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Mental Health

Together Apart: How to Care for Yourself and Others During the Lockdown

If you find yourself struggling to wake up in the morning because of everything going on in the world right now, you’re not alone. It’s going to take a while for all of us to adjust and figure out what works best when studying from home and dealing with stressful circumstances. Here are ten things I’ve been doing to stay sane that you can try too!

Practice positive reframing

Every day, when you wake up, ask yourself, “What’s one way that I can make this situation better for myself?” It could be switching up your morning coffee recipe, starting to journal, or just finally taking your clothes out of your suitcase. Whatever will make you motivated to get out of bed!

Limit your news intake

Pick one reliable source of news and stick to it. Refrain from the temptation of turning on CNN because the 24-hour news cycle is toxic. I personally love The NYT online because their coverage of the virus is FREE and very helpful. Reading rather than hearing the news also allows me to take in the information at my own pace.

Make a new morning routine

Listen to a podcast you love that’s NOT news, read a book, or dance to music you love to start your day. You can also pour your coffee into a travel mug and walk around the neighborhood or your yard alone to mimic your morning commute and get some fresh air to start the day.

Learn something for fun

Don’t listen to people telling you that you should keep “hustling” in the midst of a global pandemic, but do try to think of something you can teach yourself for yourself and yourself only. Learn a new language, work on your baking skills, start blogging, customize tote bags, try painting, read about astrology.

Avoid (some) social media

Twitter and Facebook will feed you stressful news 24/7. If you’re looking for comic relief, download TikTok for more realness from regular people and just fun videos. If you’re looking for a supportive community, the BU Reddit page is full of super kind students listening to each other and answering your technical questions to take some of your worries away.

Do fun activities with friends

Plan a trip you’ll take after this (and I mean actually plan the places you will visit), attend virtual conferences or yoga sessions with them, online shop with them while on the phone, whatever keeps you sane. Make sure to not just call because then conversations will often revolve around the virus, which can add to your stress.

Meditate or pray

Meditating or praying is an amazing way to just tune out the world and focus on what matters most to you. It will help you to feel grateful for what you do have rather than what this pandemic has taken away from you. It will help you to remember that you can lean on yourself (and if you’re a believer, on God) during this time. It will be hard to silence everything in your head at first but you don’t need to do it perfectly to get the most out of it.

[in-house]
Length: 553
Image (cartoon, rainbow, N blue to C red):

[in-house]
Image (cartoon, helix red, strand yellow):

Help your community

Helping others allows you to get out of your own mind and gives you a purpose. At a time where many of us feel useless sitting at home while others are risking their lives to go to work, there are still some things that you can do to make an impact on your community. Reach out to your elderly neighbors if they need help grocery shopping, donate to a local charity or hospital, participate in empowering challenges on social media, or ask a friend how they’re really doing.

Study with soothing background noise

Whether it’s the sound of waves or the sound of a busy coffee shop on a rainy day that calms you down, play some background noise from YouTube videos while you study to avoid sitting in silence if that’s something that makes you anxious. Also, if you live in a city, hearing the sound of ambulances going off multiple times a day is just not good for you.

Clean and redecorate your room

It sounds so simple and everyone repeats it over and over, but that’s because living in a cluttered space only amplifies the mess inside your head when you’re not feeling okay. Sometimes, depression makes it hard to find the motivation to clean your room, so don’t hesitate to ask a family member to help you get started. Decluttering and redecorating with someone else may take a bit of the pressure off and even make the process fun.

This is an unprecedented time for all of us and it’s okay to not be okay. Be patient with yourself and your loved ones as we got about this transition. And remember, it’s only temporary!


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Ariane is a junior at Boston University pursuing a dual degree in Journalism and Political Science with a minor in Public Relations. She loves exploring coffee shops and hanging out at the Harbor. When she's not writing and editing for Her Campus, Ariane talks about women's achievements on her radio show "Ladies of History."
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